What criteria do you look for in an original track that you might want to remix or re-edit?
I look for space in the original production so that my additional drums and musical elements won’t sound cluttered on top of what already exists. Simpler tracks, with less percussion and less complex basslines, work better for me. I like to replay every note again, adding a bigger, more modern take for today’s dancefloors. Some tracks are an absolute nightmare though, with bass players, for example, going wild all over the whole thing – it can take time to make edits and the additional compositional elements.
Run us through a typical approach to one of your re-edits or remixes. Is the process planned or instinctive?
Usually, I sit, listen and try to imagine my additional drums and basslines over the top of the original, literally writing the notation in my head. From this process, I usually get a rough idea as to whether it will work or not.
Sometimes, if I feel it could work, I will do a rough draft of the main hook, maybe 16 to 32 bars in length. Ultimately, this will confirm the feel and whether it is going to work at the adjusted tempo with my basic layers. Occasionally, I get surprised and something I thought would not work does and vice versa. If it does, I run with it, staying as close to the original as possible but bringing in the Dr Packer sound. I often use my Roland XV-5080 synth for its warm Rhodes patches and 303 acid-type bass sounds, which sit well with the older disco and funk tracks.
My favourite two plug-ins in Pro Tools are Xpand and Soundtoys’ FilterFreak, which are great for further bass sounds, strings and electric pianos. I generally mix down the same way I would with drum ’n’ bass, by pulling all the low-end frequencies apart from the kick drum and bassline. However, unlike drum ’n’ bass, the basslines in 4/4 music often run in sync with the kick, so I find that with the reworks and re-edits I need to sidechain the bass if it’s clashing with my kick.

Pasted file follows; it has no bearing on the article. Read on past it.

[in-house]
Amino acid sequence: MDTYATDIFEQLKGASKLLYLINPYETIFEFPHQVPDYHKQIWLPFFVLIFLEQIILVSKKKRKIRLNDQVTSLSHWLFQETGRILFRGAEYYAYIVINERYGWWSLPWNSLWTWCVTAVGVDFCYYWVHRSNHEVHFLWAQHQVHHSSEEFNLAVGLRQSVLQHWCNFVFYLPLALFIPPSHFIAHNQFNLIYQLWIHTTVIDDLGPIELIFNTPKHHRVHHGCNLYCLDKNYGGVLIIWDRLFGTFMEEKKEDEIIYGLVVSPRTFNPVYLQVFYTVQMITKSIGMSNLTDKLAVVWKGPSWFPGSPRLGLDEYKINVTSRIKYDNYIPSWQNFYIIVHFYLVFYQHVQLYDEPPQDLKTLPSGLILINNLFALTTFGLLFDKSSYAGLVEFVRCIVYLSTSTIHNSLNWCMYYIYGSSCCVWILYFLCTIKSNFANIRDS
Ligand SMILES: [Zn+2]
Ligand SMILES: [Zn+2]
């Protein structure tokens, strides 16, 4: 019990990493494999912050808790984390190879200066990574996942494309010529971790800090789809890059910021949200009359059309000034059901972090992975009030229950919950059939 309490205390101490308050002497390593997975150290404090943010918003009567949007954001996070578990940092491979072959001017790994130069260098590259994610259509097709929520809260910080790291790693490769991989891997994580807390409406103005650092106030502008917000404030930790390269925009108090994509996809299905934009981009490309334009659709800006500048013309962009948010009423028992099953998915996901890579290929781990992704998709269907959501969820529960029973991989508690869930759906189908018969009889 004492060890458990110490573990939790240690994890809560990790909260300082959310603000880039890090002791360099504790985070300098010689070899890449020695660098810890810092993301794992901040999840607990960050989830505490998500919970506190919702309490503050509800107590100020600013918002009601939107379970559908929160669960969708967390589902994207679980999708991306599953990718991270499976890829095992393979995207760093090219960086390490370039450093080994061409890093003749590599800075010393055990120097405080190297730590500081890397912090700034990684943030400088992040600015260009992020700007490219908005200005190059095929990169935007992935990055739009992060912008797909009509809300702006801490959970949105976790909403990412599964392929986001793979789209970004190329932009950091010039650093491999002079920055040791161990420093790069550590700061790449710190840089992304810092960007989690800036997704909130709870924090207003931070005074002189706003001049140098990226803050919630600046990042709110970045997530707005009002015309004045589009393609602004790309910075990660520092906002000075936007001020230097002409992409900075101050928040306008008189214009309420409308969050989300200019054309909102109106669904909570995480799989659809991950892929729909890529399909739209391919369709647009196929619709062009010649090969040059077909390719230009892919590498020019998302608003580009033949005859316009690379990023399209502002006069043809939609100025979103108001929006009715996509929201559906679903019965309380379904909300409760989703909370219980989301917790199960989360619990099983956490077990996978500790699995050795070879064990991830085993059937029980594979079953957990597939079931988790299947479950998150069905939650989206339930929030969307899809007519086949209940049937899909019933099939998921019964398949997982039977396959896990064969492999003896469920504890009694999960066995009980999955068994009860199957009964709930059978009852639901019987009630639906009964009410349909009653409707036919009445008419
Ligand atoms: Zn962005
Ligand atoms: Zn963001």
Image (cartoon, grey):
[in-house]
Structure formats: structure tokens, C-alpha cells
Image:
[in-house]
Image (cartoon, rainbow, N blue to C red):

You have remixed countless disco anthems and classic works over the years, what are you most proud?
I think I’m most proud of the Salsoul hook-up, as that is a legendary label that I’ve loved since my teenage years. It’s much the same with West End too. Being able to work on tracks such as Raw Silk’s Do It To The Music is a dream come true. It’s hard to pick a favourite remix, as I have done so many over the past five years. The one I seem to keep playing over and over again is my mix of Sylvester’s Do Ya Wanna Funk. It often gets the biggest reaction in sets and I never get tired of playing or listening to it.
How does it feel when the likes of Salsoul and West End records commission you for official remixes? Was it a lifelong dream to release on these legendary labels?
Absolutely. At first, Salsoul messaged me with a concern about some of the unofficial re-edits I had uploaded on my Soundcloud page. They said, “We don’t mind you having these up there, all we ask is that you don’t give them away as free downloads or sell them”. My reply was simple: “Would you like to release them then?” From there, a working relationship began and blossomed.
The remixer’s job can be quite stressful, with tight deadlines, what do you do to unwind?